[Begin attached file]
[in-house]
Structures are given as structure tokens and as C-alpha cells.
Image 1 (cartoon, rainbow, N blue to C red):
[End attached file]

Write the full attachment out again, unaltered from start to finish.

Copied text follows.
[in-house]
Structures are given as structure tokens and as C-alpha cells.
Image 1 (cartoon, rainbow, N blue to C red):